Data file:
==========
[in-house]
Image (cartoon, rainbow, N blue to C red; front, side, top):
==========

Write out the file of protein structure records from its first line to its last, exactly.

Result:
[in-house]
Image (cartoon, rainbow, N blue to C red; front, side, top):